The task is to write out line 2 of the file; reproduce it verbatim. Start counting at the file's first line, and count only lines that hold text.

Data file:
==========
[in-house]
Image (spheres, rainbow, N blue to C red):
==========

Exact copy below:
Image (spheres, rainbow, N blue to C red):